"start basic server process in current vm. fork and record forked process instance. expected to return."

  self basicServerProcess: [ self basicServerOn: portOrResourceName ] fork.
  self serverInstance: self	"the serverProcess is session-specific"

The basicServerOn: method is expected to be implemented by a concrete subclass of GemServer. For example, here's the basicServerOn: method for the maintenance vm:

basicServerOn: portOrResourceName
  "forked by caller"

  | count |
  count := 0.
  [ true ]
    whileTrue: [ 
      self
        gemServer: [ 
          "run maintenance tasks"
          self taskClass performTasks: count ].
      (Delay forMilliseconds: self delayTimeMs) wait.	"Sleep for a minute"
      count := count + 1 ]

Gem Server Exception Handling

There are a number of gemServer:* methods. The gemServer:exceptionSet:beforeUnwind:ensure: method is the foundation of them all. It implements the basic exception handling logic for the GemServer class:

gemServer: aBlock exceptionSet: exceptionSet beforeUnwind: beforeUnwindBlock ensure: ensureBlock
  [ 
  ^ aBlock
    on: exceptionSet
    do: [ :ex | 
      | exception |
      [ 
      exception := ex.
      self handleGemServerException: ex.
      beforeUnwindBlock value: exception ]
        on: Error
        do: [ :unexpectedError | 
          "error while handling the exception"
          self
            serverError: unexpectedError
            titled: self name , ' Internal Server error handling exception: '.
          beforeUnwindBlock value: unexpectedError.
          self doInteractiveModePass: unexpectedError.
          exception return: nil	"unwind stack" ].
      self doInteractiveModePass: exception.
      exception return: nil	"unwind stack" ] ]
    ensure: ensureBlock

The exception handling block in this method has been structured to allow for a number of customizations:

  1. The exceptionSet argument allows you to specify the set of exceptions to be handled.
  2. The GemServer>>handleGemServerException: method invokes a custom exception handling method.
  3. If the GemServer>>handleGemServerException: method returns, the beforeUnwindBlock is invoked.
  4. If the beforeUnwindBlock returns and the gem server was started during an interactive debugging session the GemServer>>doInteractiveModePass: method sends pass to the exception so that a debugger will be opened.
  5. In a non-interactive session, the return: message send causes the stack to unwind.
  6. If an error occures while processing steps 3 and 4, the error is logged, the exception is passed if in an interactive debugging session and the stack is unwound.
  7. Lastly the ensureBlock is invoked upon return from the method.

There are several variants of the GemServer>>gemServer:exceptionSet:beforeUnwind:ensure: method that allow you to specify only the attributes that you need:

  • gemServer:
  • gemServer:beforeUnwind:
  • gemServer:beforeUnwind:ensure:
  • gemServer:ensure:
  • gemServer:exceptionSet:
  • gemServer:exceptionSet:beforeUnwind:
  • gemServer:exceptionSet:beforeUnwind:ensure:
  • gemServer:exceptionSet:ensure:

Gem Server Exception Set

Default exception handling has been defined for the following exceptions:

  • Error
  • Break
  • Breakpoint
  • Halt
  • AlmostOutOfMemory
  • AlmostOutOfStack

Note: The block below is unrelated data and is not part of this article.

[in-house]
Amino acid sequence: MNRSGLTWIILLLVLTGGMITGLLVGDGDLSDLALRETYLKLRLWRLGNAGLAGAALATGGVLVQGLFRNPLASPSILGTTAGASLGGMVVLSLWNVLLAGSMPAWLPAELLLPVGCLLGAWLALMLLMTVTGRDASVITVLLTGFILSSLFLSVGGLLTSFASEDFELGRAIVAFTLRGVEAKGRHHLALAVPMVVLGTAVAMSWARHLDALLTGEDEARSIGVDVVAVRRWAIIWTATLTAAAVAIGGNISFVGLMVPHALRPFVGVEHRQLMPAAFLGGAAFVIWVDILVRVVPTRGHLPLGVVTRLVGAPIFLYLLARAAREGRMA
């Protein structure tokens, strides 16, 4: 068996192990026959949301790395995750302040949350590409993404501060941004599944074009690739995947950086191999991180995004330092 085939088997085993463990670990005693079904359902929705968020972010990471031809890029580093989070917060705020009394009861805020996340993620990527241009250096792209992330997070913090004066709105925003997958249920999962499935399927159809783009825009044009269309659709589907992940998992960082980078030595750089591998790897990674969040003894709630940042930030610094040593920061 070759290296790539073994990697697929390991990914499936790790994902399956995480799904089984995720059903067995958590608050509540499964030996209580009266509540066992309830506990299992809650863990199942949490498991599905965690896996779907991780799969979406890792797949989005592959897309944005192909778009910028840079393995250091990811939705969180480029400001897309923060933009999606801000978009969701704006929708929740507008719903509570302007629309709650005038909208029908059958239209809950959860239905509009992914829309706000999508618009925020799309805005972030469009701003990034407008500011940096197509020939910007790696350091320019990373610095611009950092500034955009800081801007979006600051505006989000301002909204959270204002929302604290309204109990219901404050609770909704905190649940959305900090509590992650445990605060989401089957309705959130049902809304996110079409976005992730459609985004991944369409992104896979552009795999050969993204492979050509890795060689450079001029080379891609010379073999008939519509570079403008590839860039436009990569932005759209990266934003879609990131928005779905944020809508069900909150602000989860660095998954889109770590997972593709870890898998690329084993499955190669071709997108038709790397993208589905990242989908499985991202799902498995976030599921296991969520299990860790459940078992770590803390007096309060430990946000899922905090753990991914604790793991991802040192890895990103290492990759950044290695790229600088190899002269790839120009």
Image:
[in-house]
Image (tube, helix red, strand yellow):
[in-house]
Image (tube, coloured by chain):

One may define an exceptionSet:

  • on a gem server by gem server basis using the GemServer>>gemServerExceptionSet: method.

  • by overriding GemServer>>gemServerExceptionSet and providing an alternate implementation:

    gemServerExceptionSet
      gemServerExceptionSet
        ifNil: [ 
          self interactiveMode
            ifTrue: [ ^ Error , self class gemServerExceptionSet ].
          ^ Error , self class gemServerExceptionSet
            , self class gemServerDebuggingExceptionSet ].
      ^ gemServerExceptionSet
  • by defining alternate implementations of the GemServer class methods: gemServerExceptionSet and gemServerDebuggingExceptionSet. The exceptionSet returned by gemServerDebuggingExceptionSet is not applied when interactiveMode is on.

Note: The list of default exceptions discussed in this section are slightly different for GemStone 2.4.x.

Gem Server Exception Handlers

The gem server uses double dispatching to invoke exception-specific handling behavior. The primary method exceptionHandlingForGemServer: is sent by the GemServer>>handleGemServerException: method:

handleGemServerException: exception
  "if control is returned to receiver, then exception is treated like an error, i.e., 
   the beforeUnwindBlock is invoked and stack is unwound."

  ^ exception exceptionHandlingForGemServer: self

The exceptionHandlingForGemServer: has been implemented in the default exception classes. The following secondary methods have been defined in the GemServer class:

  • gemServerHandleAlmostOutOfMemoryException:
  • gemServerHandleAlmostOutOfStackException:
  • gemServerHandleBreakException:
  • gemServerHandleBreakpointException:
  • gemServerHandleErrorException:
  • gemServerHandleHaltException:
  • gemServerHandleNonResumableException:
  • gemServerHandleNotificationException:
  • gemServerHandleResumableException:

For an Error exception, the GemServer>>gemServerHandleErrorException: method is invoked:

gemServerHandleErrorException: exception
  "log the stack trace and unwind stack.
   interactiveMode is handled by caller of handleGemServerException: before stack is unwound."

  self
    logStack: exception
    titled:
      self name , ' ' , exception class name asString , ' exception encountered:'.

the exception is logged and the method returns.

For a resumable Exception, the GemServer>>gemServerHandleResumableException: method is invoked:

gemServerHandleResumableException: exception
  "in interactive mode pass exception without logging.
   Otherwise, log the stack trace and then resume the exception."